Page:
Recurrent hydatidiform mole

Recurrent hydatidiform mole occurs when women have at least two abnormal pregnancies described as hydatidiform moles. A hydatidiform mole occurs early in pregnancy when an embryo does not fully develop and the placenta develops abnormally. The placenta is a solid structure in the uterus that normally provides nutrients to a growing fetus. If a hydatidiform mole occurs once, it is known a sporadic hydatidiform mole; if it happens again, the condition is known as recurrent hydatidiform mole.

A hydatidiform mole often causes vaginal bleeding in the first trimester of the pregnancy. In an ultrasound examination, the abnormal placenta appears as numerous small sacs, often described as resembling a bunch of grapes. In some cases, the ultrasound shows no fetus, umbilical cord, or amniotic sac (a fluid-filled sac that normally surrounds the fetus).

Hydatidiform moles are not naturally discharged from the body and must be surgically removed, typically by the end of the first trimester. After removal, there is up to a 20 percent risk that any tissue left behind (persistent mole) will continue to grow and become a cancerous tumor called an invasive mole. The invasive mole can transform into a different form of cancer called gestational choriocarcinoma that can spread (metastasize) to other tissues such as the liver, lungs, or brain.

Hydatidiform moles occur in 1 in 600 to 1,000 pregnancies in western countries and are more common in developing countries. One to six percent of previously affected women will have a recurrent hydatidiform mole.

Mutations in the NLRP7 or KHDC3L gene can cause recurrent hydatidiform mole, with NLRP7 gene mutations being the most common cause.

Within egg cells (oocytes), both the NLRP7 and KHDC3L proteins are thought to play a role in turning off (inactivating) certain genes based on which parent the copy of the gene came from, a phenomenon known as genomic imprinting. For most genes, both copies of the gene (one copy inherited from each parent) are active in all cells. For a small subset of genes, however, only one of the two copies is active; for some of these genes, the copy from the father is normally active, while for others, the copy from the mother is normally active. The NLRP7 and KHDC3L proteins are likely involved in imprinting multiple maternal genes in oocytes, ensuring that they will be inactive in the developing embryo; the corresponding paternal genes are active.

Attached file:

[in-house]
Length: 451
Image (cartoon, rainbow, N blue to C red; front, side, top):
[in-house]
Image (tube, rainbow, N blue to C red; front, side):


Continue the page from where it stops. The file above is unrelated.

NLRP7 or KHDC3L gene mutations result in the production of proteins with impaired function. As a result, multiple genes that contribute to a developing embryo are not imprinted properly, leading to abnormal gene activity (expression) in all pregnancies. Because many genes that would normally be inactive are instead active, embryonic development is impaired, resulting in a hydatidiform mole.

The NLRP7 protein has also been found to play a role in cell growth and division (proliferation) and cell maturation (differentiation). Research suggests that the NLRP7 protein plays an additional role in immune responses by regulating the release of an immune protein called interleukin-1 beta. Normally, the immune system would recognize a hydatidiform mole as a non-growing pregnancy or foreign tissue and signal the body to remove it. Because the impaired NLRP7 protein slows interleukin-1 beta release, the body cannot trigger an immune response to the abnormal pregnancy. Instead, the hydatidiform mole remains in the body. The cause of the retention of the pregnancy in women with KHDC3L gene mutations is unclear.

In some cases of recurrent hydatidiform mole, no mutations in either of these genes have been identified. In these instances, the cause of the condition is unknown.

When there is only a single instance of hydatidiform mole, it is often caused by abnormal fertilization of an egg. In sporadic hydatidiform mole, the embryo either receives genetic information only from sperm cells because the egg has no DNA-containing nucleus, or the embryo receives too much genetic information because two sperm cells fertilized one egg.

This condition is often inherited in an autosomal recessive pattern, which means a woman has to have mutations in both copies of the gene in each of her cells to have recurrent hydatidiform mole pregnancies. Because the mutations are present in all of a woman's cells, including oocytes (which need these genes to promote normal embryonic development), a hydatidiform mole will develop in each pregnancy that occurs with those egg cells.

  • familial biparental hydatidiform mole
  • familial recurrent hydatidiform mole
  • FRHM